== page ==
Anisotropy is an inherent character of the Earth subsurface. It should be considered for modeling and inversion. The acoustic VTI wave equation approximates the wave behavior in anisotropic media, and especially it\\'s kinematic characteristics. To analyze which parts of the model would affect the traveltime for anisotropic traveltime inversion methods, especially for wave equation tomography (WET), we drive the sensitivity kernels for anisotropic media using the VTI acoustic wave equation. A Born scattering approximation is first derived using the Fourier domain acoustic wave equation as a function of perturbations in three anisotropy parameters. Using the instantaneous traveltime, which unwraps the phase, we compute the kernels. These kernels resemble those for isotropic media, with the η kernel directionally dependent. They also have a maximum sensitivity along the geometrical ray, which is more realistic compared to the cross-correlation based kernels. Focusing on diving waves, which is used more often, especially recently in waveform inversion, we show sensitivity kernels in anisotropic media for this case.

  3. Finite frequency traveltime sensitivity kernels for acoustic anisotropic media: Angle dependent bananas

    KAUST Repository

    Djebbi, Ramzi; Alkhalifah, Tariq Ali

    2013-01-01

    Anisotropy is an inherent character of the Earth subsurface. It should be considered for modeling and inversion. The acoustic VTI wave equation approximates the wave behavior in anisotropic media, and especially it's kinematic characteristics. To analyze which parts of the model would affect the traveltime for anisotropic traveltime inversion methods, especially for wave equation tomography (WET), we drive the sensitivity kernels for anisotropic media using the VTI acoustic wave equation. A Born scattering approximation is first derived using the Fourier domain acoustic wave equation as a function of perturbations in three anisotropy parameters. Using the instantaneous traveltime, which unwraps the phase, we compute the kernels. These kernels resemble those for isotropic media, with the η kernel directionally dependent. They also have a maximum sensitivity along the geometrical ray, which is more realistic compared to the cross-correlation based kernels. Focusing on diving waves, which is used more often, especially recently in waveform inversion, we show sensitivity kernels in anisotropic media for this case.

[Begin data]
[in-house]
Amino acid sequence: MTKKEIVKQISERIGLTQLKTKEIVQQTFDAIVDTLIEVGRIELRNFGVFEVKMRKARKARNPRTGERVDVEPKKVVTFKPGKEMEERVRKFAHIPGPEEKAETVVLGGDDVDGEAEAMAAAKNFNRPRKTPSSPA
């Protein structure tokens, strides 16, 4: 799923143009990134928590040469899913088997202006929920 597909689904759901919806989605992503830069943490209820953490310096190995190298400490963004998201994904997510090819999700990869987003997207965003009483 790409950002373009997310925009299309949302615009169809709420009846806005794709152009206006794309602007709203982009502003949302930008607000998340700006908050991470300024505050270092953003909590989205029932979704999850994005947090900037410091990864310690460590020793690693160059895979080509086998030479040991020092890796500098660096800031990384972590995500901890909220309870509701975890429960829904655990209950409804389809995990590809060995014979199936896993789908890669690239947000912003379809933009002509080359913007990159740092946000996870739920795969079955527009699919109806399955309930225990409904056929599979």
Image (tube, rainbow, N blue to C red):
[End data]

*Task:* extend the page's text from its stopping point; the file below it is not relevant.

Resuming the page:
4. Convergence of barycentric coordinates to barycentric kernels

    KAUST Repository

    Kosinka, Jiří

    2016-02-12

    We investigate the close correspondence between barycentric coordinates and barycentric kernels from the point of view of the limit process when finer and finer polygons converge to a smooth convex domain. We show that any barycentric kernel is the limit of a set of barycentric coordinates and prove that the convergence rate is quadratic. Our convergence analysis extends naturally to barycentric interpolants and mappings induced by barycentric coordinates and kernels. We verify our theoretical convergence results numerically on several examples.

  5. Convergence of barycentric coordinates to barycentric kernels

    KAUST Repository

    Kosinka, Jiří ; Barton, Michael

    2016-01-01